The best professor I ever had was Dr Butterfield, or Tony as he asked us to call him. He taught our senior lab courses in the chemical engineering department at the University of Utah. He put together the most beautiful and humorous presentations before lab that made you appreciate science and the scientific method for its beauty and rigor rather than hoops through which you need to jump to get your degree. His lecture on ethics in science was the best I have yet seen in an engineering course; most are tacked on at the end of a course series because it’s an ABET requirement. He and his teaching assistants when to painstaking effort to make sure that grades were fair, and that students understood what they could do to improve, giving you grades like 9.3875/10 (each fraction of a point being accounted for in the very clear and precise rubric).
It is professors like Tony that make me want to continue to reach my dream of being a professor. I want to be a teacher that inspires students.
Contrast that with a few counterexamples I have encountered in my college experience. As I was discussing the teaching load with one professor, he dismissed his teaching as “equivalent to taking out the trash.” In another encounter, I raised what seemed like a controversial statement that I didn’t think should be controversial: why don’t college professors have to go through some form of formal teacher training, like elementary and secondary school teachers do? The response I got was that those who get teaching degrees and certification are “just learning classroom management skills”, making teachers sound like glorified babysitters. I think that there is something more to being a good teacher than just knowing a ton of stuff. I think it does take a measure of training as well as a measure of dedication and sense of purpose.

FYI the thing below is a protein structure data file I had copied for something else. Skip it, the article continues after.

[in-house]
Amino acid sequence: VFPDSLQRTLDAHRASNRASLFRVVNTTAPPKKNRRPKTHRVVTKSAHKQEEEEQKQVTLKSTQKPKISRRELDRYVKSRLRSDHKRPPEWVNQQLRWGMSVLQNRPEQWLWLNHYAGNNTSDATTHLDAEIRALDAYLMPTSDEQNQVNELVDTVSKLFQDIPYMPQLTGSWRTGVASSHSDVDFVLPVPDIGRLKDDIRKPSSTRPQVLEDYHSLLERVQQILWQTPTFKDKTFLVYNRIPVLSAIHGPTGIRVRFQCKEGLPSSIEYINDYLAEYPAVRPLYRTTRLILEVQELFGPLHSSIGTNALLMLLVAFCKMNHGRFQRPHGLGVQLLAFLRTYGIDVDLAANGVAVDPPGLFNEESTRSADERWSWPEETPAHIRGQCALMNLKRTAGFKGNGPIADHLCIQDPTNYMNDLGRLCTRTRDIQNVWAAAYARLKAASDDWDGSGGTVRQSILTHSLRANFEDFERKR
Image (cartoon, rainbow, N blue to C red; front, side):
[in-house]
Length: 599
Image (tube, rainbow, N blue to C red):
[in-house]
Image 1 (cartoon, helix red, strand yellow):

I got thinking about all this this week as I was reading “The Idea of the University” by John Henry Newman.” His opening paragraph:
“The view taken of a University in these Discourses is the following: –That it is a place of teaching universal knowledge. This implies that its object is, on the one hand, intellectual, not moral; and on the other, that it is the diffusion and extension of knowledge rather than the advancement. If its object were scientific and philosophical discovery, I do not see why a University should have students.”
The purpose of a university is first and foremost to teach. Unfortunately, our modern rewards systems seem to switch these around. I am grateful for the teachers and professors who have inspired me, and I hope to be able to do the same some day.
Image: Houghton Library, Harvard University by Harvard Public Affairs and Communications, Harvard University – Harvard Public Affairs and Communications, Harvard University, Copyrighted free use, https://commons.wikimedia.org/w/index.php?curid=34319257